Almost throughout Pakistan’s history, uninformed or indifferent governments coupled with feudal domination of farmlands have maintained the newly-entrenched system of dependant agriculture. But the final threat to our indigenous seeds came a decade ago, in the form of a globally-discredited chemical-turned-seed corporation that was given virtually open house to take over Pakistan’s agriculture, even sitting in as unofficial adviser in ministry meetings.

The Punjab provincial government’s recent rejection of Monsanto was not for ecological reasons and the dangers that genetically-engineered seeds posed for human health, livelihoods and agriculture at large, but because the terms were too steep — which still gives Monsanto a chance to renegotiate itself back into the fold.

The blind adoption of unproven or failing agricultural technologies on the unproven grounds that American scientists can always improve on nature, could leave Pakistan as devastated as Iraq without even needing an Order 81.

Published in The Express Tribune, February 29th, 2012.

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Reader Comments (28)

  • Nagpuri
    Feb 29, 2012 - 12:37AM

    Can we have some balance please? No one is forcing any farmer to not stick to old one. What use is biodiversity if the yield is 1/10th and population is going hungry?
    You forgot to mention even US farmers are using same GM seeds.


  • John B
    Feb 29, 2012 - 12:58AM

    An evil plot to destroy the world

    The author propagates the idea that agricultural corporations impose the crop variety on the nations.

    In the so called infamous order 81, Iraq parliament can repeal it any time.

    What the agricultural companies are asking is to protect their intellectual rights, and farmers have a choice of either using the corporate seed variety or they can use their traditional seed.

    Prior to corporate agriculture, the state(s) of the developing nations invested money in the development of high yield, drought and disease resistant varieties of wheat and rice hybrids through their agricultural universities and international research institutes. The food self sufficiency of Asia, which in 1960s was prone to famine and food shortages, where rice is the staple food is due to this effort and same goes for wheat surplus of northern belt of Asia.

    No company or any nation is twisting the farmers (actually, land owners) to use corporate seed. They do it by choice because of higher yield and if there is an alternate substitute naturally any “idiotic” farmer will naturally opt for high profit yielding variety.

    It is illogical to conclude that current hybrid/genetically modified crops wipes out species diversity. The day the mankind set a plough on the field, he has already interfered with species diversity, and selected particular species of cereal crop over the other. Sorghum which was once the staple of food of Asia is all but abandoned not by any evil design but by peoples choice.

    One cannot expect an agricultural companies to give the seed freely and it is not in their interest to make sure that farmers who buy these seeds go into debt or commit suicide.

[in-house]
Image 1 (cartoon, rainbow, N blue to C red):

It does not mean seed banks and species diversity should not be protected. But who is going to cultivate the low yielding, drought prone crops over the hybrid/genetically modified varieties -either they are from state universities (so subsidized) or from private companies?

    The author is mixing too many things in one basket: is the author in support of species diversity over mono cultivation of a species or against high yielding US corporate seeds over low yielding indigenous seeds?

    Rice used to take 90-120 days to grow and took too much water. Now, the hybrid rice developed by Asian agricultural universities grow in 40 days and the farmers of south Asia abandoned the old crops. Was it not mono species selection?

    The author should clearly state why the corporate seed is not in the best interest of a farmer(nation), and why in particular US corporate seed is bad over indigenous or EU corporate seeds.

    Otherwise, the author is advocating “Evil plot to destroy the world” concept without any rational or logic, and feeds the already prevalent anti-US frenzy in PAK.

    Is genetically modified plant good or bad? Any rational scientist will say it is good and it is nothing more than the hybrid speciation either created in the universities or in nature. Irrational logic will come up with the notion that it is for world dominance.


  • Malaiz
    Feb 29, 2012 - 4:31AM

    What an article! I come from Afghanistan, a country still in US’s grip. I don’t think anyone in Afghanistan has given a single thought to this issue. Thanks a lot for this enlightening piece.


  • NRP
    Feb 29, 2012 - 4:47AM

    Dear author, what is your opinion regarding this story about Chinese wheat.


  • MarkH
    Feb 29, 2012 - 8:50AM

    If they’re undocumented yet wiped out, where do you get this information exactly? Are you out there working the fields? Are you the one that has to experience the need to supply people or they starve? Or are you in an office nitpicking and pointing fingers?
    Yes, why not tell everyone exactly how to feed those people. Pinpoint those undocumented yet discovered plants and mention their existence to the right people. In the US there are actually quite a few influential groups/people against wiping out any endangered plant or animal. It would stop almost over night. Or are you just the type that always needs some kind of monster in your closet to be happy?